Project description:Organophosphates affect mammalian brain development through a variety of mechanisms beyond their shared property of cholinesterase inhibition. We used microarrays to characterize similarities and differences in transcriptional responses to chlorpyrifos and diazinon, assessing defined gene groupings for the pathways known to be associated with the mechanisms and/or outcomes of chlorpyrifos-induced developmental neurotoxicity. We exposed neonatal rats to daily doses of chlorpyrifos (1mg/kg) or diazinon (1 or 2mg/kg) on postnatal days 1-4 and evaluated gene expression profiles in brainstem and forebrain on day 5; these doses produce little or no cholinesterase inhibition. We evaluated pathways for general neural cell development, cell signaling, cytotoxicity and neurotransmitter systems, and identified significant differences for >60% of 252 genes. Chlorpyrifos elicited major transcriptional changes in genes involved in neural cell growth, development of glia and myelin, transcriptional factors involved in neural cell differentiation, cAMP-related cell signaling, apoptosis, oxidative stress, excitotoxicity, and development of neurotransmitter synthesis, storage and receptors for acetylcholine, serotonin, norepinephrine and dopamine. Diazinon had similar effects on many of the same processes but also showed major differences from chlorpyrifos. Our results buttress the idea that different organophosphates target multiple pathways involved in neural cell development but also that they deviate in key aspects that may contribute to disparate neurodevelopmental outcomes. Equally important, these pathways are compromised at exposures that are unrelated to biologically significant cholinesterase inhibition and its associated signs of systemic toxicity. The approach used here demonstrates how planned comparisons with microarrays can be used to screen for developmental neurotoxicity.
Project description:Developmental organophosphate exposure reduces the numbers of neural cells, contributing to neurobehavioral deficits. We administered chlorpyrifos or diazinon to newborn rats on postnatal days 1-4, in doses straddling the threshold for barely-detectable cholinesterase inhibition, and evaluated gene expression in the cell cycle and apoptosis pathways on postnatal day 5. Both organophosphates evoked transcriptional changes in 20-25% of the genes in each category; chlorpyrifos and diazinon targeted the same genes, with similar magnitudes of change, as evidenced by high concordance. Furthermore, the same effects were obtained with doses above or below the threshold for cholinesterase inhibition, indicating a mechanism unrelated to anticholinesterase actions. We then evaluated the effects of chlorpyrifos in undifferentiated and differentiating PC12 cells and found even greater targeting of cell cycle and apoptosis genes, affecting up to 40% of all genes in the pathways. Notably, the genes affected in undifferentiated cells were not concordant with those in differentiating cells, pointing to dissimilar outcomes dependent on developmental stage. The in vitro model successfully identified 60-70% of the genes affected by chlorpyrifos in vivo, indicating that the effects are exerted directly on developing neural cells. Our results show that organophosphates target the genes regulating the cell cycle and apoptosis in the developing brain and in neuronotypic cells in culture, with the pattern of vulnerability dependent on the specific stage of development. Equally important, these effects do not reflect actions on cholinesterase and operate at exposures below the threshold for any detectable inhibition of this enzyme.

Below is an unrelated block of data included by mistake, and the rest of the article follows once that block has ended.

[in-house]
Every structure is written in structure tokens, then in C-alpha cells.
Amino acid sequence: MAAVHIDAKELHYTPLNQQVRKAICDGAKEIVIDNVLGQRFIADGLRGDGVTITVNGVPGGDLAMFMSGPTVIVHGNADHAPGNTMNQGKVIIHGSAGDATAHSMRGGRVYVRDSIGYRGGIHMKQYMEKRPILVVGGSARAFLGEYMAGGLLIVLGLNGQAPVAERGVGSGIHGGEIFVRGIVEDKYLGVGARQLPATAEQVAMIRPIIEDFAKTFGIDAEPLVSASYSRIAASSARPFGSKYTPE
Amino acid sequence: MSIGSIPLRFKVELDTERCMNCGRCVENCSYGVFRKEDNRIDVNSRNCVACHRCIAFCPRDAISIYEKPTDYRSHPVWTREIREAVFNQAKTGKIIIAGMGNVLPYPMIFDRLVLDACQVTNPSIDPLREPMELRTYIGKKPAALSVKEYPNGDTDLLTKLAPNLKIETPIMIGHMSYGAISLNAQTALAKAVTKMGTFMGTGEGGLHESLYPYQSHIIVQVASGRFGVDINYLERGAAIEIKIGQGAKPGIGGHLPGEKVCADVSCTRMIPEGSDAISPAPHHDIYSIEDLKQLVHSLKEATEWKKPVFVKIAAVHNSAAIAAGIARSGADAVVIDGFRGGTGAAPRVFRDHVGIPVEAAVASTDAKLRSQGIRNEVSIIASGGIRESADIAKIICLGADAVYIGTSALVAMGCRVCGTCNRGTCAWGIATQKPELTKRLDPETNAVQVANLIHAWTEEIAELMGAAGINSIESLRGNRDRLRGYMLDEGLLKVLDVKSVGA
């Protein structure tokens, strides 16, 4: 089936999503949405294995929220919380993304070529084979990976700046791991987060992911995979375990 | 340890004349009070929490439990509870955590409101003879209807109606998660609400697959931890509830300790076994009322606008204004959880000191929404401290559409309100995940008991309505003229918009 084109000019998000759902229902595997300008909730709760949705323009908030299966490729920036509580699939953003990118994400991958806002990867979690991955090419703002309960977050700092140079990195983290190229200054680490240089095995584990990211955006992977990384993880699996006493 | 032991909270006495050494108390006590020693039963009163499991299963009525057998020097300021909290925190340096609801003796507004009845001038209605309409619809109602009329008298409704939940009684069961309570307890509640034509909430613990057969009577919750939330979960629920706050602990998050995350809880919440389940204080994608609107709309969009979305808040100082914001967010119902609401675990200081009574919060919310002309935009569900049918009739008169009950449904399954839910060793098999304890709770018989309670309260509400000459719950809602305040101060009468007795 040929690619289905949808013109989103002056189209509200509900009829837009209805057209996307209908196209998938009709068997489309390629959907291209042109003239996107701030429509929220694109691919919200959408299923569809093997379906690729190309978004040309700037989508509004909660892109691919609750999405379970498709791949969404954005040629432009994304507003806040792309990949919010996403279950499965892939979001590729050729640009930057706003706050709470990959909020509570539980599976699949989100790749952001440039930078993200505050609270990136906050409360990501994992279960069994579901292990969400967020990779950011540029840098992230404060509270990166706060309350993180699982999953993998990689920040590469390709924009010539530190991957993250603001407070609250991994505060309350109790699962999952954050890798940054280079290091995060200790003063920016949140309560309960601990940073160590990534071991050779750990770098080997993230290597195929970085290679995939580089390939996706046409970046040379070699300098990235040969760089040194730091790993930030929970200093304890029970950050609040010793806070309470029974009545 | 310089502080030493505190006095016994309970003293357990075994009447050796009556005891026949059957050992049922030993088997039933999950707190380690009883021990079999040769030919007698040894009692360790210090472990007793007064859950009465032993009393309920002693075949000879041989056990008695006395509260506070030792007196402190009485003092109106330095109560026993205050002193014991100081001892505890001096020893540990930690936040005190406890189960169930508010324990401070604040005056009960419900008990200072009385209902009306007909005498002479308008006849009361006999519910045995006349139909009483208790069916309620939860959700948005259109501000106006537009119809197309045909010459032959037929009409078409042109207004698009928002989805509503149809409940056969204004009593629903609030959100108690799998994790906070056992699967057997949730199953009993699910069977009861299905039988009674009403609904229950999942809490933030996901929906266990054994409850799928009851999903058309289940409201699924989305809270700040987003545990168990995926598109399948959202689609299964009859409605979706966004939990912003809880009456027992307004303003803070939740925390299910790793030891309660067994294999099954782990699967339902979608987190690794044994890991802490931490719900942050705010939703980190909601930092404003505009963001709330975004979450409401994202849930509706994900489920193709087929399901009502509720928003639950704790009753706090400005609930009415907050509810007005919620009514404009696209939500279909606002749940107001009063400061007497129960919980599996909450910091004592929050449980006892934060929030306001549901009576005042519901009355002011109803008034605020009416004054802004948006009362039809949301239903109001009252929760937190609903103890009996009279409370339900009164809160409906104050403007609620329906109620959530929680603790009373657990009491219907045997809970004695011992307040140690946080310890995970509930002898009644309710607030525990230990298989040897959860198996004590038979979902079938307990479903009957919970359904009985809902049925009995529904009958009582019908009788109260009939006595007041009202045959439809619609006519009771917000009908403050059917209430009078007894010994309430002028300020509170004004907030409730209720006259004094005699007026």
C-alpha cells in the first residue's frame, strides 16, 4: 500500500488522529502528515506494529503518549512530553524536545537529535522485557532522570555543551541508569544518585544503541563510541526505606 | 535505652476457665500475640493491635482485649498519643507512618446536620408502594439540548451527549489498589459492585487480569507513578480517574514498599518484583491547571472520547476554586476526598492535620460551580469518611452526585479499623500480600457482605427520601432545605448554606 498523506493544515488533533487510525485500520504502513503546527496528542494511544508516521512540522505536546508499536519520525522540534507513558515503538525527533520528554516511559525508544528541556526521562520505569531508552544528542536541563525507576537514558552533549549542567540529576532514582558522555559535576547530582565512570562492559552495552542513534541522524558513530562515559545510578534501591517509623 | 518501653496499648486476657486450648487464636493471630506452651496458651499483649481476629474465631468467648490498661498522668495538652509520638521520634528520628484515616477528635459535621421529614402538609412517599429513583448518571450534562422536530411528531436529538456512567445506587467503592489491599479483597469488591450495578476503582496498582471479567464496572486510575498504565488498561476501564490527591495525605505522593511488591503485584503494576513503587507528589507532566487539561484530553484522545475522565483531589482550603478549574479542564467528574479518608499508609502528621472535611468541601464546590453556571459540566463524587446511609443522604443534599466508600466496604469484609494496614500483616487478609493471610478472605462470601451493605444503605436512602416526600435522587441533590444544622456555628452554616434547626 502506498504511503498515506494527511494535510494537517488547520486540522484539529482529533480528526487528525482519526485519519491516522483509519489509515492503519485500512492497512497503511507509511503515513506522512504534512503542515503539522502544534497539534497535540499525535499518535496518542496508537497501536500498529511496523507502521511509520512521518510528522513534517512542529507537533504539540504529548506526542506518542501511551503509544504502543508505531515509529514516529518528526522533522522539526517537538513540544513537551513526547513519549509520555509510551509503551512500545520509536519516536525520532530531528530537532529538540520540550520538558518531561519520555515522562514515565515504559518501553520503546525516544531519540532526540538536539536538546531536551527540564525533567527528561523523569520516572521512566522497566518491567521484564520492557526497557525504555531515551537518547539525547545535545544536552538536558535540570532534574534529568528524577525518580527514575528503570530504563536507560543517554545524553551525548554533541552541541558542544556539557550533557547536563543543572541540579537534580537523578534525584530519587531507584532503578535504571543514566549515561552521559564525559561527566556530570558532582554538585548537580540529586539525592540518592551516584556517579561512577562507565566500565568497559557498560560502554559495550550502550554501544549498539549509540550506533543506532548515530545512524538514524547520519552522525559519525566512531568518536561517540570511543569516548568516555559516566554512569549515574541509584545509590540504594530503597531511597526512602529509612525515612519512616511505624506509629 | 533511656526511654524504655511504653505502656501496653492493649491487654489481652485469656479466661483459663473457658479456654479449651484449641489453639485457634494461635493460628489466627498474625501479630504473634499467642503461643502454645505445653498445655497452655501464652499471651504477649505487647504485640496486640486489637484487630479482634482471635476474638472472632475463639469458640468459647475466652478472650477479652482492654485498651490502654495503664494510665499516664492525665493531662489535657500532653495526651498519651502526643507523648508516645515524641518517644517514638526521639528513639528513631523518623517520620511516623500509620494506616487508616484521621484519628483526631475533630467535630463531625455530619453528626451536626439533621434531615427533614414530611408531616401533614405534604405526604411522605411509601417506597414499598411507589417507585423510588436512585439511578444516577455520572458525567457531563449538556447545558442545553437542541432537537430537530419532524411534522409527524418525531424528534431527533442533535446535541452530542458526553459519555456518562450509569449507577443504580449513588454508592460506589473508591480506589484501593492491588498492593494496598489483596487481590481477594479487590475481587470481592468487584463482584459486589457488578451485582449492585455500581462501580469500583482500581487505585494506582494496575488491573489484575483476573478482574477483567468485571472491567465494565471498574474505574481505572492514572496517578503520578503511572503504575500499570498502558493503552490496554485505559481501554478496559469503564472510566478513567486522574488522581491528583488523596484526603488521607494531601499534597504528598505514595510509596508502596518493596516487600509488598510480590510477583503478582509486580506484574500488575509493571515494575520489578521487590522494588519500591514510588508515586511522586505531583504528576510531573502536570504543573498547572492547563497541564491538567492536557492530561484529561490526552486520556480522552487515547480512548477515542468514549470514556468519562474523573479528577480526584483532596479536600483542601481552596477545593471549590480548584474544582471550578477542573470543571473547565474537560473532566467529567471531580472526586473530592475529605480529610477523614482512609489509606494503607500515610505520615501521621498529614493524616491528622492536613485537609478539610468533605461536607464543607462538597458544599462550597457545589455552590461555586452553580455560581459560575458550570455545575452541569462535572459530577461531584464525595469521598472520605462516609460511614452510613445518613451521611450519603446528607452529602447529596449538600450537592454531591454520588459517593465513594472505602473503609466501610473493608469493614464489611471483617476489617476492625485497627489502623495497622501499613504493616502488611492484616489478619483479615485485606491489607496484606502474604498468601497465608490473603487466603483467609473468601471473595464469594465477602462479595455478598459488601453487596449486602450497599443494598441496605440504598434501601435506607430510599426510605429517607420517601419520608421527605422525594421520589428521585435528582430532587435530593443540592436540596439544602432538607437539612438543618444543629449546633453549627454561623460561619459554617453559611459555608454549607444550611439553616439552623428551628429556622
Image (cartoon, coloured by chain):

Project description:Human, animal and cell models support a role for pesticides in the etiology of Parkinson disease. Susceptibility to pesticides may be modified by genetic variants of xenobiotic enzymes, such as paraoxonase, that play a role in metabolizing some organophosphates.We examined associations between Parkinson disease and the organophosphates diazinon, chlorpyrifos, and parathion, and the influence of a functional polymorphism at position 55 in the coding region of the PON1 gene (PON1-55). From 1 January 2001 through 1 January 2008, we recruited 351 incident cases and 363 controls from 3 rural California counties in a population-based case-control study. Participants provided a DNA sample, and residential exposure to organophosphates was determined from pesticide usage reports and a geographic information system (GIS) approach. We assessed the main effects of both genes and pesticides in unconditional logistic regression analyses, and evaluated the effect of carrying a PON1-55 MM variant on estimates of effects for diazinon, chlorpyrifos, and parathion exposures.Carriers of the variant MM PON1-55 genotype exposed to organophosphates exhibited a greater than 2-fold increase in Parkinson disease risk compared with persons who had the wildtype or heterozygous genotype and no exposure (for diazinon, odds ratio = 2.2 [95% confidence interval = 1.1-4.5]; for chlorpyrifos, 2.6 [1.3-5.4]). The effect estimate for chlorpyrifos, was more pronounced in younger-onset cases and controls (<or=60 years) (5.3 [1.7-16]). No increase in risk was noted for parathion.The increase in risk we observed among PON1-55 variant carriers for specific organophosphates metabolized by PON1 underscores the importance of considering susceptibility factors when studying environmental exposures in Parkinson disease.